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Following her marriage to Michael Mont, Fleur Forsyte throws herself into the Roaring 20s with the rest of London and takes life as it comes. But her marriage is haunted by the ghost of a past love affair, and however vibrant Fleur appears, those closest to her sense her unhappiness. Michael, devoted to Fleur but not blind to her faults, is determined to stand by her through anything. Will their marriage last, and just how much can Michael forgive?
354 pages, with a reading time of ~5.5 hours (88,675 words), and first published in 1924. This DRM-Free edition published by epubBooks, 2014.
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Coming down the steps of ‘Snooks’ Club, so nicknamed by George Forsyte in the late eighties, on that momentous mid-October afternoon of 1922, Sir Lawrence Mont, ninth baronet, set his fine nose towards the east wind, and moved his thin legs with speed. Political by birth rather than by nature, he reviewed the revolution which had restored his Party to power with a detachment not devoid of humour. Passing the Remove Club, he thought: ‘Some sweating into shoes, there! No more confectioned dishes. A woodcock–without trimmings, for a change!’
The captains and the kings had departed from ‘Snooks’ before he entered it, for he was not of ‘that catch-penny crew, now paid off, no sir; fellows who turned their tails on the land the moment the war was over. Pah!’ But for an hour he had listened to echoes, and his lively twisting mind, embedded in deposits of the past, sceptical of the present and of all political protestations and pronouncements, had recorded with amusement the confusion of patriotism and personalities left behind by the fateful gathering. Like most landowners, he distrusted doctrine. If he had a political belief, it was a tax on wheat; and so far as he could see, he was now alone in it–but then he was not seeking election; in other words, his principle was not in danger of extinction from the votes of those who had to pay for bread. Principles–he mused– au fond were pocket; and he wished the deuce people wouldn’t pretend they weren’t! Pocket, in the deep sense of that word, of course, self-interest as member of a definite community. And how the devil was this definite community, the English nation, to exist, when all its land was going out of cultivation, and all its ships and docks in danger of destruction by aeroplanes? He had listened that hour past for a single mention of the land. Not one! It was not practical politics! Confound the fellows! They had to wear their breeches out–keeping seats or getting them. No connection between posteriors and posterity! No, by George! Thus reminded of posterity, it occurred to him rather suddenly that his son’s wife showed no signs as yet. Two years! Time they were thinking about children. It was dangerous to get into the habit of not having them, when a title and estate depended. A smile twisted his lips and eyebrows which resembled spinneys of dark pothooks. A pretty young creature, most taking; and knew it, too! Whom was she not getting to know? Lions and tigers, monkeys and cats–her house was becoming quite a menagerie of more or less celebrities. There was a certain unreality about that sort of thing! And opposite a British lion in Trafalgar Square Sir Lawrence thought: ‘She’ll be getting these to her house next! She’s got the collecting habit. Michael must look out–in a collector’s house there’s always a lumber room for old junk, and husbands are liable to get into it. That reminds me: I promised her a Chinese Minister. Well, she must wait now till after the General Election.’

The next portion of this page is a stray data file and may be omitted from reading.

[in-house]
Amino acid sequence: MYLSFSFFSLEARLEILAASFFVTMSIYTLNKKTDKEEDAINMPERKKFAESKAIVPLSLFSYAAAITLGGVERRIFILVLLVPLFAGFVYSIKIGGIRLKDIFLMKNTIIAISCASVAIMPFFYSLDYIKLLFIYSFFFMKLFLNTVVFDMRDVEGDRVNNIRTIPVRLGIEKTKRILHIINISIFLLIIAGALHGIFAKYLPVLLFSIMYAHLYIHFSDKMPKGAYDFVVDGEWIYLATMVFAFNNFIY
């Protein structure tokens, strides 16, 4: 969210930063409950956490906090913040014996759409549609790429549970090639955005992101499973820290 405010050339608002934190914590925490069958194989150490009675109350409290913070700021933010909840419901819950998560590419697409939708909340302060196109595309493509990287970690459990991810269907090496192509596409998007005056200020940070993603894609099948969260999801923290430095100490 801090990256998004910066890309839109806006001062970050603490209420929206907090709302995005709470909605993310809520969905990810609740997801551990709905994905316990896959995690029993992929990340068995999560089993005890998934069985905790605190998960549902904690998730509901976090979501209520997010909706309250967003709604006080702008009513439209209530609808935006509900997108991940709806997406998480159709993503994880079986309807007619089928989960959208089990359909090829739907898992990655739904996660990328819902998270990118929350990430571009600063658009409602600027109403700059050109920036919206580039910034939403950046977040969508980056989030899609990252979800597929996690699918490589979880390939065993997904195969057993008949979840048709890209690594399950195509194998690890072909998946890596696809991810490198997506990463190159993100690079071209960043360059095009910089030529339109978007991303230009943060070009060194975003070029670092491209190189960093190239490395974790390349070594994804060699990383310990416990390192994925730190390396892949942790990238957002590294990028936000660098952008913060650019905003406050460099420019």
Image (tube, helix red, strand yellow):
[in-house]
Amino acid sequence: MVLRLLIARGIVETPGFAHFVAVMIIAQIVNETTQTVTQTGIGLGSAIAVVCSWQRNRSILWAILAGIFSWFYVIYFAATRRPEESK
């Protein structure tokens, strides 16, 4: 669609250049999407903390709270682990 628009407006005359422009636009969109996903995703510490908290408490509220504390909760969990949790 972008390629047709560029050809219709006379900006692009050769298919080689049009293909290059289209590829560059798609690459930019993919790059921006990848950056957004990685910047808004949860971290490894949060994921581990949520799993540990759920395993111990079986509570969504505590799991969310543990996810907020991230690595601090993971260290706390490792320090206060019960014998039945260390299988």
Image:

Down Whitehall, under the grey easterly sky, the towers of Westminster came for a second into view. ‘A certain unreality in that, too,’ he thought. ‘Michael and his fads! Well, it’s the fashion–Socialistic principles and a rich wife. Sacrifice with safety! Peace with plenty! Nostrums–ten a penny!’
Passing the newspaper hubbub of Charing Cross, frenzied by the political crisis, he turned up to the left towards Danby and Winter, publishers, where his son was junior partner. A new theme for a book had just begun to bend a mind which had already produced a ‘Life of Montrose,’ ‘Far Cathay,’ that work of Eastern travel, and a fanciful conversation between the shades of Gladstone and Disraeli–entitled ‘A Duet.’ With every step taken, from ‘Snooks’ eastward, his erect thin figure in Astrakhan-collared coat, his thin grey-moustached face, and tortoise-shell rimmed monocle under the lively dark eyebrow, had seemed more rare. It became almost a phenomenon in this dingy back street, where carts stuck like winter flies, and persons went by with books under their arms, as if educated.
He had nearly reached the door of Danby’s when he encountered two young men. One of them was clearly his son, better dressed since his marriage, and smoking a cigar–thank goodness–instead of those eternal cigarettes; the other–ah! yes–Michael’s sucking poet and best man, head in air, rather a sleek head under a velour hat! He said:
“HALLO, Bart! You know my governor, Wilfrid? Wilfrid Desert. ‘Copper Coin’–some poet, Bart, I tell you. You must read him. We’re going home. Come along!”
Sir Lawrence went along.
“What happened at ‘Snooks’?”
“Le roi est mort. Labour can start lying, Michael–election next month.”
“Bart was brought up, Wilfrid, in days that knew not Demos.”
“Well, Mr. Desert, do you find reality in politics now?”
“Do you find reality in anything, sir?”